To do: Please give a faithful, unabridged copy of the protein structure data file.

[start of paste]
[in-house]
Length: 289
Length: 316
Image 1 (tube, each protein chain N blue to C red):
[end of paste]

[in-house]
Length: 289
Length: 316
Image 1 (tube, each protein chain N blue to C red):